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Virtual Reality Part 1: Are You Living in Virtual Reality?

Updated: Sep 4



Are you struggling with self-judgment or judgment of your partner or children?


Does this judgment prevent you from enjoying and co-creating with them?


Do you find yourself getting heated and frustrated with your kids or partner, even over small things that, in hindsight, aren't a big deal?


If so, you're not alone.


In this series of articles, I will show you powerful ways to recognize how we all live in our own "virtual reality" and provide practical tools to end conflicts and avoid damaging your kids' self-esteem and motivation.


But before we dive into that, let me ask you:


Do you want to learn more about the secrets of your deep mind and how to program it to create your dream life? If so, subscribe to our newsletter and stay tuned for all the knowledge I'll be sharing about mastering the mind.


Reactivity, self-judgment, and judgment of others, especially our loved ones, are common experiences. We all live in our own virtual reality where we perceive the world through our own unique lenses. It's like wearing virtual reality goggles all the time, and unfortunately, we can't take them off. However, what we can do is reprogram those goggles to change how we see, hear, and feel, which can ultimately change how we react.


In this first article of the series, I will begin to reveal simple and effective ways to understand how our virtual reality goggles work and how to start reprogramming them. By doing so, we can experience our family members as they truly are, rather than our virtual projections of them. I will also share insights on understanding other people's goggles and how to work with them, so that others can experience the real you, not their virtual projection of you.


This knowledge has the potential to make a huge difference in your life and in how your loved ones experience you. It has transformed my life, and I believe it can transform yours too if you put it into practice.


This article is just the beginning, as I will delve deeper into how we perceive the world and how to transform it in future articles. If you have any questions or need clarification, feel free to leave them in the comments, and I'll do my best to support you.


Have you ever experienced a situation where you ask your kids to clean up and they respond with moaning and whining? Or perhaps they pretend not to hear you? In those moments, it can feel like they are being disrespectful or selfish, and it's easy to get heated and frustrated. But what if I told you that there's a different way to understand these situations?


Before we can dive into how to shift our virtual reality goggles to reality glasses, we need to understand how our minds are programmed to create that virtual reality in the first place. This understanding comes from the work of neuroscientists and psychologists over the past 50 years, and I want to present it in a simple and practical way that you can use to change your life.


One of the key concepts in this understanding is what psychologists call "representational systems." These systems are our senses - sight, hearing, touch, smell, and taste - as well as the self-talk that we hear in our heads. They are how we experience and interpret our reality. Our senses give us what psychologists refer to as "first-order" reality, which is our direct sense experiences of what has actually happened in the world. The interpretations and meanings we give to those experiences are what psychologists call "second-order" reality.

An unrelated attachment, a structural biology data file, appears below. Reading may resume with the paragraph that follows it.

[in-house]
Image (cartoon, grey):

Now, let's take a typical conflict between family members as an example. You walk into a room and say something important to your child or partner, but they don't respond or seem to be paying attention. You might interpret this as them not hearing you or not respecting you. However, the reality might be different.


When someone is focused on something else, even daydreaming, their unconscious mind may not send a signal to their conscious mind to pay attention. Our unconscious mind processes information much faster than our conscious mind, and it only brings something to our conscious awareness when it deems it important. So, even though the sounds of your words may have reached their ears, their mind may not have relayed the message to their conscious awareness.


Instead of feeling offended or lashing out in anger when someone doesn't hear you, it's important to give them some grace and understanding. Their brain may not have consciously registered your message because their attention was focused elsewhere. It's not a conscious choice to ignore you, but rather a result of how our neurobiology works.


By recognizing this, you can shift your focus from feeling disrespected to fostering connection. Instead of assuming that they heard and understood you, take a moment to be curious about what they were focused on. By doing so, you may learn something important about them and deepen your understanding of their perspective.


If you've made it this far, you're the type of person who is willing to dig in and learn how to transform yourself and your relationships. In the upcoming articles, I will explain how our minds process information from our senses and make decisions about what is important to become aware of. Once we understand this process, we can decode our virtual reality goggles and reprogram them to improve our communication and connection with our loved ones.



Remember to check out the related videos from Mercury Coach on children's need for connection and other core needs. If you found this article useful and want more great content, please give us a like and subscribe to our channel and mailing list.


Your support helps us spread the word about how mastering the deep mind can change how we parent and ultimately change the world.



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